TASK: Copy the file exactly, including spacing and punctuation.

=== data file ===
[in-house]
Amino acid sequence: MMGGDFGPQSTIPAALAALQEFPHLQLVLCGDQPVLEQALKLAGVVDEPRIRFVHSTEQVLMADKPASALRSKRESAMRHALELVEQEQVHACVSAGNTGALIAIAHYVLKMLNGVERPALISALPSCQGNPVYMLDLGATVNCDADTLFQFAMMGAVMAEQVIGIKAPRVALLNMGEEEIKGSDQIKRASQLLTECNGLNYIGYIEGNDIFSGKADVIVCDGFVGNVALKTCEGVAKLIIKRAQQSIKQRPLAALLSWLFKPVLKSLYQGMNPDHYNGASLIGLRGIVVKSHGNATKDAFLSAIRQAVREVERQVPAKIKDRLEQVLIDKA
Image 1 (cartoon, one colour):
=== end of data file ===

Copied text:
[in-house]
Amino acid sequence: MMGGDFGPQSTIPAALAALQEFPHLQLVLCGDQPVLEQALKLAGVVDEPRIRFVHSTEQVLMADKPASALRSKRESAMRHALELVEQEQVHACVSAGNTGALIAIAHYVLKMLNGVERPALISALPSCQGNPVYMLDLGATVNCDADTLFQFAMMGAVMAEQVIGIKAPRVALLNMGEEEIKGSDQIKRASQLLTECNGLNYIGYIEGNDIFSGKADVIVCDGFVGNVALKTCEGVAKLIIKRAQQSIKQRPLAALLSWLFKPVLKSLYQGMNPDHYNGASLIGLRGIVVKSHGNATKDAFLSAIRQAVREVERQVPAKIKDRLEQVLIDKA
Image 1 (cartoon, one colour):